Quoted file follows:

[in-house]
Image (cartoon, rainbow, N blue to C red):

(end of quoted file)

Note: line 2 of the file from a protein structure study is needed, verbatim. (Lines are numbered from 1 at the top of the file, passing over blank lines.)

Image (cartoon, rainbow, N blue to C red):